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23rd of January 2018

Women



'I Get Hateful Comments About My Size All The Time—Here's How I Rise Above'

RELATED: 'How Becoming A Nudist Helped Me Accept My Body'

I'm no longer bothered by comments on the internet, but I didn't want a picture of me to be used in this way. So I reached out to the account to ask them to take down the image, and realized they had used another one of my photos without permission in the past as well. They were dismissive, wouldn’t listen to me or complete my request, and soon, the conversation turned straight up childish. They told me to “quit whining,” and sent me a series of food emojis and “Nom nom nom.”

My request was reasonable and polite. And I was treated with condescending disdain. I immediately thought—how often does this happen to women in general?

If there’s anything I’ve learned from working with women, it’s that if I’ve experienced something, there are probably hundreds of thousands of other women who have gone through something similar. These messages were no longer about me or the other account. They’re a reflection of how women are often ignored or treated like they’re irrational or crazy when they make a perfectly reasonable request. I needed to share this to show other women that “It’s not just you. This does happen and you’re not crazy.” So I posted the exchange on my Instagram, and was floored by the support and sympathy I got from my followers.

As women, we’re often encouraged not to react with emotion—especially from masculine figures who are less emotional or view our emotional process as a burden. We often have to dampen ourselves down in conversations, or train ourselves not to react, even when we are being treated unfairly. Whenever a situation makes us uncomfortable, we have to question, “Is it really worth it to say something? Do I really want to pick this battle?” I want women to know that if you want to assert yourself, you have every right to do so. You shouldn’t feel shame for saying what you need to say.

At the same time, if I let myself get sucked into internet comment mud-slinging every day, I wouldn’t be able to do the work that I do: showing women that we can create positive changes in our life from a place of self-love. Showing others, at any weight or time in our life, we can choose a healthier and happier life. That bodies in progress are worthy of love! That's far more important to me than clashing with random people on the internet. And that’s why it’s just as important to be able to move forward as it is to stand up for yourself. State your case, and then rise above. Getting stuck in the back-and-forth will just drag you down and distract you from what really matters in your life.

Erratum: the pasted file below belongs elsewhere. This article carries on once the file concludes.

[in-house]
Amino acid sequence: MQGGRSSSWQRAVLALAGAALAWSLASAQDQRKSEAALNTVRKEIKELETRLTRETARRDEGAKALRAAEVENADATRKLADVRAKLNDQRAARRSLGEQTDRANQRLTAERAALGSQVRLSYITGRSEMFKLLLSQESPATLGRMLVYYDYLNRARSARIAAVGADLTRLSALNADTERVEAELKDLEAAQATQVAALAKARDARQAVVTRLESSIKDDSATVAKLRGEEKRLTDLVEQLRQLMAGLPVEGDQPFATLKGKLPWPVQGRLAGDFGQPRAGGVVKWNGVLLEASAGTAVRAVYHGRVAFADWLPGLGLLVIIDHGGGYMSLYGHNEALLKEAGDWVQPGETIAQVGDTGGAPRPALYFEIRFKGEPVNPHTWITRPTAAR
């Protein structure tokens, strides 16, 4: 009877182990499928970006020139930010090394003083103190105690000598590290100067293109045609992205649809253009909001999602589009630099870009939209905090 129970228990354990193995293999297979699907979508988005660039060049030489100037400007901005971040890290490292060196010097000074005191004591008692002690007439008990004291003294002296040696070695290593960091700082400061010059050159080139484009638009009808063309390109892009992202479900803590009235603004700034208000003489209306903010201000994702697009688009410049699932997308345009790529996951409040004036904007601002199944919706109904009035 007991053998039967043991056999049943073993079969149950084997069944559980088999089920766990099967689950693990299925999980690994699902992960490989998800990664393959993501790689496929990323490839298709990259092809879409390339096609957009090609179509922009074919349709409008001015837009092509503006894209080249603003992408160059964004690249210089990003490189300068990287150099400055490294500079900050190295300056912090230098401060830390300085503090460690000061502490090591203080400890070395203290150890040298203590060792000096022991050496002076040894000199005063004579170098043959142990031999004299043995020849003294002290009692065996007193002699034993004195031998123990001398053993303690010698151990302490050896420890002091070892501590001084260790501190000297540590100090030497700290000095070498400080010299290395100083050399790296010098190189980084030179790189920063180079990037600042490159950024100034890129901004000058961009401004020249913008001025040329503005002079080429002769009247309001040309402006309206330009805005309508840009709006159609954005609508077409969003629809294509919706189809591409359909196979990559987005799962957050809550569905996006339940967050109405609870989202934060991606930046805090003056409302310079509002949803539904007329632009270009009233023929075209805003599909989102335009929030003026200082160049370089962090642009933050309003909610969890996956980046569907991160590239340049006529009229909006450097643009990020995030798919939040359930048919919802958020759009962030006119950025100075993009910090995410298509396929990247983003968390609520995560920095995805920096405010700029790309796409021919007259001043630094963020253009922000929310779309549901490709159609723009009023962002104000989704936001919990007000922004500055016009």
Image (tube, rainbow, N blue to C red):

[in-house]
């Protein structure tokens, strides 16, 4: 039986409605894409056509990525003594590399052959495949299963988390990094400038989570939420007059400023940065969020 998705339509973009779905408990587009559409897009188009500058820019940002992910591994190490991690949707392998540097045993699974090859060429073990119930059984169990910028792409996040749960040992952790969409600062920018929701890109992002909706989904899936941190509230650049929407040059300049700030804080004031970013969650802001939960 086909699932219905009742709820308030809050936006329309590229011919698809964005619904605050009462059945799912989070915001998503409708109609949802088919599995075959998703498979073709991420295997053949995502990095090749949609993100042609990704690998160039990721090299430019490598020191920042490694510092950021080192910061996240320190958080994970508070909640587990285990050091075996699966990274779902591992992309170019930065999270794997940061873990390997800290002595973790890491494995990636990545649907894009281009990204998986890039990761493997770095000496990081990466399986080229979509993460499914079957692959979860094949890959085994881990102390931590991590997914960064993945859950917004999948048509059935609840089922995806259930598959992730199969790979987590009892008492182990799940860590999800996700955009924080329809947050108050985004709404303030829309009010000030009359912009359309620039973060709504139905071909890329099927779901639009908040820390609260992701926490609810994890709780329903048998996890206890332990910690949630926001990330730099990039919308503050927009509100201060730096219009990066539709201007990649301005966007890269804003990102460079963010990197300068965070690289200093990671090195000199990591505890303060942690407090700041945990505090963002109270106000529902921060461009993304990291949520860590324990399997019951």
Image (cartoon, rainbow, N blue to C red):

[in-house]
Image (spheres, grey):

Your body can do amazing things—here's proof:

Of course, it’s not always easy to move past hateful comments and messages. It's also pretty shocking to see the kind of things that some people say on the internet, especially when it's directed towards you. What helps me rise above that is remembering that it’s not personal. While I may get comments about how I look or what I do, they're not really about me. They're about that person's own problematic idea about how women should look, act, and be.

So if there’s a chance to help someone see how their thought process is hurtful to women, I’ll do that. If I can stand in solidarity with other women, I will.  But at a certain point, I have to move on and focus on what I'm grateful for. There’s always something, even if it’s just a small nugget, to take away from every situation. For each negative comment I may get, it comes alongside the beautiful opportunity to connect with women, and I know that’s a gift. And that's what I'm really focusing on today.

You can’t control other people and how they treat you. All you can bring to the table is the energy you want to put out into the world and how you want to feel. Our time is so much better spent lifting people up and creating a common bond, especially on the internet, than arguing with them and tearing them down.

If you want to speak up for yourself, do it. If that’s challenging for you, you’re not alone. I see you; I got you. And when you want to move forward, that’s totally in your control. Whenever things get negative, I go back to what I can do. I know I can spread love. So that’s what comes next.

Note: After a day online (with a massive response from my followers), I removed the conversation from Instagram. I was ready to move forward and to use the space on my page for positivity and encouragement. Together, we rise!

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